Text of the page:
• In fact, he does get into a nasty brawl with an Irish Priest after the two quarrel about the subject of Catholic vs. Protestant practices.
  • Hiding Behind Religion
  • Jade-Colored Glasses: After Ned's constant whining got to him, he just stopped caring.
  • Let's Get Dangerous: His description of his fight with the baboons at the zoo.

  And that's when I got mad.

  • Parental Neglect: Apparently the reason why Jessica Lovejoy was not a good girl.
  • Playing with Fire: It is implied throughout the show that he has pyromaniacal tendencies: Namely, he is overly enthusiastic about burnings (such as burning Krusty merchandise when Krusty was framed, or when he got a van that was used solely for burning books besides the obvious use of actually driving it), and was also hinted to have set gasoline in the church and set it on fire possibly to get the insurance covered on it at least once beforehand.
  • Preacher Man
  • Rail Enthusiast
  • The Cobbler's Children Have No Shoes

Helen Lovejoy

  Reverend Lovejoy's snooping, interfering, gossipy busy-body of a wife. Voiced by Maggie Roswell and Marcia Mitzman Gaven.

  • Bifauxen: The Pastor, when visiting Reverend Lovejoy to break the bad news that he was, for three months, acting as Minister without a license, implies that Helen Lovejoy may have been a transsexual. Of course, this is contradicted with her giving birth to Jessica, not to mention her being a girl at age 10.
  • Think of the Children: Trope Namer
  • Gossipy Hens

Jessica Lovejoy

  Reverend and Helen Lovejoy's daughter, who feigns being as sweet and pleasant a girl as one would expect of a Reverend's daughter, but who is actually such a bad girl she unnerves Bart. Voiced by Meryl Streep.

The Itchy and Scratchy Show


  The psychotic mouse member of the cartoon duo, a clear expy-cum-parody of Jerry at his most Jerkass. He is usually the antagonist, and always brutally slaughters Scratchy in the show, no matter how little Scratchy may have done to deserve it.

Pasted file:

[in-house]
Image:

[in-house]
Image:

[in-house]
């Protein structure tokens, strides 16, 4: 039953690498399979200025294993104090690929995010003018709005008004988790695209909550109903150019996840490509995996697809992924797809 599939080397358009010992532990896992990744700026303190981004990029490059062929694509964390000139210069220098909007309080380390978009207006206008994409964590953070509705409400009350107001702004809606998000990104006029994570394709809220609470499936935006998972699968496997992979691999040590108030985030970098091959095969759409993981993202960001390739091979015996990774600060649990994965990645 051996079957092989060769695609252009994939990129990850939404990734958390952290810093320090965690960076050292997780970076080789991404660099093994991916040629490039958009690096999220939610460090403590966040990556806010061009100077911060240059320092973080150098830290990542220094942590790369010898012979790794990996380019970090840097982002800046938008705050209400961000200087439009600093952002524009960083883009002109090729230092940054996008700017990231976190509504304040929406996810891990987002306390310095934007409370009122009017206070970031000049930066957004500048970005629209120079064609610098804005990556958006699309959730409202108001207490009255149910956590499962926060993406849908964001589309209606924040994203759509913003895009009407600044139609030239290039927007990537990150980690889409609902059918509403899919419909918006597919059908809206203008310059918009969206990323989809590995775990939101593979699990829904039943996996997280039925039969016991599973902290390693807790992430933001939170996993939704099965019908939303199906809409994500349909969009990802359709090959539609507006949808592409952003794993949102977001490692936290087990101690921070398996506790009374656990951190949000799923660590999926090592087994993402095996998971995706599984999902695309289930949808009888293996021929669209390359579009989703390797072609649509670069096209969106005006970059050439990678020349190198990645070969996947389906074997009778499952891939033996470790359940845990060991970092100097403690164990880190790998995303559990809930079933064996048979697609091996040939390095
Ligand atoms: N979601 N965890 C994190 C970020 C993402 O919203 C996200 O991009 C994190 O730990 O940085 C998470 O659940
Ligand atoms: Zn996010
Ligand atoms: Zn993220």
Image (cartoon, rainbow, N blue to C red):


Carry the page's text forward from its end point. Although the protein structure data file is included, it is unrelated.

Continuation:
The cat member of the Tom and Jerry parodying Show Within a Show, Scratchy is almost never a bad person in his depictions, but invariably suffers nightmarish deaths at Itchy's hands.


  Homer's attempt at designing a new character to boost interest in the Itchy & Scratchy Show, who became loathed by the fanbase and was promptly removed with all speed.



Robert Underdunk Terwilliger (Sideshow Bob)

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  A man cursed to have both huge feet (standard floppy clown shoes fit him perfectly) and a natural hairstyle like a palm tree while also having the mind of a keen intellectual, he was, while originally not interested in becoming a performer, coaxed into joining the Krusty The Clown Show with the prospect of appealing to a huge audience of children with his own brand of edutainment. To his horror, though, his ideas were all ignored and he became the abused straight-man for Krusty's lowbrow slapstick. Jealousy and resentment eventually led to him framing Krusty and then assuming control over the show while Krusty was imprisoned, but Bart Simpson exposed him and sent him to prison. As a result, he carries a murderous grudge against both his former "partner" and the Simpson boy. Voiced by Kelsey Grammer.

  • Actor Allusion: He and his family are voiced by cast members from Frasier
    • When hired as school announcer, he claims to have always had an interest in a radio career.
    • In "The Bob Next Door," Homer and Marge note that Sideshow Bob sounds like "Frasier on Cheers" and "Frasier on Frasier" and "Tom Dodge in Down Periscope".
  • Affably Evil
  • Anime Hair
  • Arch Enemy: To Bart.
    • And rakes.
  • Ax Crazy
  • Butt Monkey: Many of his appearances involve some physical or mental suffering. "Cape Feare" may be the best example, given what he goes through under the car or when a parade (complete with several elephants) tramples him.
  • Catch Phrase: "Hello, Bart".
  • Camp Straight
  • Classically-Trained Extra: Much to his dismay.
  • Even Evil Has Standards: He refuses to move to North Korea in order to start a new life, since it's ruled by a dictator.
  • Eviler Than Thou: His brother Cecil.
  • Evil Redhead
  • Expy: Some viewers see Sideshow Bob as an awful lot like Frasier Crane. Only he doesn't have a radio show, he's more successful at romance, and he's a crazy maniac (albeit one with very good manners) who wants to kill Bart.
  • Failure Is the Only Option: His plans to kill Bart, since Status Quo Is God. However, he's allowed to kill Bart in his Treehouse Of Horror episode, since it's non-canon.
  • Hates the Job, Loves the Limelight: This trope is what led to Bob's Start of Darkness. He accepted Krusty's job offer because he originally wanted to do a show that would be both entertaining and enlightening to the children who watched it, but his talents were utterly wasted on Krusty's lowbrow slapstick. Finally having enough, he framed Krusty for armed robbery so he could take over the show and remold it into what he wanted to do. Bob had finally realized his dream, and his show was earning great ratings...and then Bart exposed him for framing Krusty. Ouch.